The community college where I work decided last week, during our spring break, that all of our classes would become online classes. We've had this week to move everything from a face-to-face format to exclusively online – while fielding thirty emails an hour with changes, updates, and warnings. Over the last five days, I've petrified into a gargoyle hunched over the computer keyboard and can barely straighten my fingers. I'm not the only one who has to do this, of course. Everyone in academia and many people in other professions are figuring out how to avoid contact while still doing our jobs. I'm fortunate that I can keep working; many have not been able to and are in desperate straits.
So I don't have a real post for this week, just an expression of solidarity and some recommended reading.
First of all, let me suggest some other blogs that you will like if you enjoy reading this one. I've recently been introduced to World Water Reserve, a solid and informative collection of articles, beautifully displayed. There is The Economics of Happiness, the blog of Local Futures, where you can find thoughtful articles by a variety of writers. I am refreshed by the insouciant cheer of Erik Assadourian at Gaianism as well. And for a wide array of authoritative viewpoints on sustainability and living within bounds, try Mother Pelican.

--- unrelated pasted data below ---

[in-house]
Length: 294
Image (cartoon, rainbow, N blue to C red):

There are two other things I'd specifically recommend, one I've read and one I am planning to read. The first is the most recent article from Local Futures, called "Five Ways Corona Virus Could Help Humanity Survive the Ecological Crisis." This offers some hope in the midst of the pandemic. The second is The Shock Doctrine, by Naomi Klein. Since I haven't read it myself, I won't say much, but if you're concerned about how our society might change for the worse as a result of government's response to the corona virus, you should check it out.
Finally, as a service to everyone who is shut in at home, I suggest that you write a comment or even get a conversation going about what you're experiencing and how you're handling it. Join in and say hello. It may only be a typed conversation, but at least you don't have to wear a mask while having it!